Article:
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Catholic Diocese of Little Rock
Published: August 9, 2020
Bishop Anthony B. Taylor preached the following homily at the House of Formation in Little Rock on Sunday, Aug. 9, 2020.
On Aug. 6 we had the 75th anniversary of the bombing of Hiroshima and on Aug. 9 the 75th anniversary of the bombing of Nagasaki, the first and only times that nuclear weapons have been used.
These nuclear bombs unleashed a strong, fiery wind that shook the cities to their foundation and took over 175,000 lives, but in the words of today’s first reading, the Lord was not in the wind and fire. He is in the tiny whispering sound of those who work for peace.
While these bombings did serve to bring a quick end to the Second World War, probably saving the lives of many U.S. soldiers, it did so by targeting the civilian population, a clear violation of Catholic moral teaching.
It is not my role to enter into the politics involved, but it is my duty to point out the moral issues and explain the explicit teaching of the Catholic Church, which in this case is stated clearly in the catechism for all too see.
As the Catechism of the Catholic Church says in §2314, "Every act of war directed to the indiscriminate destruction of whole cities or vast areas with their inhabitants is a crime against God and man, which merits firm and unequivocal condemnation. A danger of modern warfare is that it provides the opportunity to those who possess modern scientific weapons — especially atomic, biological, or chemical weapons — to commit such crimes."
And to counter those who argue that possessing nuclear weapons serves as a deterrence to first strikes against the United States, the catechism adds in §2315, "The accumulation of arms strikes many as a paradoxically suitable way of deterring potential adversaries from war. They see this as the most effective means of ensuring peace among nations. This method of deterrence gives rise to strong moral reservations. The arms race does not ensure peace. Far from eliminating the causes of war, it risks aggravating them. Spending enormous sums to produce ever new types of weapons impedes efforts to aid needy populations; it thwarts the development of peoples. Over-armament multiplies the reasons for conflict and increases the danger of escalation."
That whole section of the catechism merits careful study and is a call to action.
Moreover, you may know that this week during his in-flight press conference aboard the plane bringing him back to Rome from his visit to Hiroshima and Nagasaki to mark this anniversary, Pope Francis took this one step further, saying: “The use of nuclear weapons is immoral, which is why it must be added to the Catechism of the Catholic Church. Not only their use, but also possessing them; because an accident or the madness of some government leader, one person’s madness can destroy humanity.”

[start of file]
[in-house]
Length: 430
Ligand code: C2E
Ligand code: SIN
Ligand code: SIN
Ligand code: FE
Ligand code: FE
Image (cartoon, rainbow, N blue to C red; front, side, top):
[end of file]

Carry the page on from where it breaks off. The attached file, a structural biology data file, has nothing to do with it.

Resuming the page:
One way to learn more about this pro-life issue would be to engage with: "Back from the Brink: The Call to Prevent Nuclear War," which is founded on these Catholic principles. You can find information about this campaign on the Internet at preventnuclearwar.org. One way to get involved locally would be to join the Pax Christi movement right here in Little Rock. Nuclear weapons pose such a great threat that doing away with them is a "right to life" issue for us all.
It is not my role to enter into the politics involved, but it is my duty to point out the moral issues and explain the explicit teaching of the Catholic Church, which in this case is stated clearly in the catechism for all too see. I know that Church teaching may elicit a very strong response from people who are convinced that these weapons are needed for deterrence — on this we can agree to disagree, but even if that were true, a handful of such weapons would more than suffice — 14,000 nukes is literally overkill!
In our first reading today the prophet Elijah, has a powerful experience of the presence of God, which I alluded to at the beginning of this homily. A strong heavy wind was rending the mountains and crushing rocks before the Lord — but the Lord was not in the wind. After the wind there was an earthquake — but the Lord was not in the earthquake. After the earthquake there was fire — but the Lord was not in the fire.
After the fire there was a tiny whispering sound. And it was in that peaceful moment that Elijah encountered the Lord. And the same is true for us. At Hiroshima and Nagasaki, nuclear bombs unleashed a strong, fiery wind that shook the cities to their foundation and took over 175,000 lives, but the Lord was not in that wind and fire. He is in the tiny whispering sound of those who work for peace.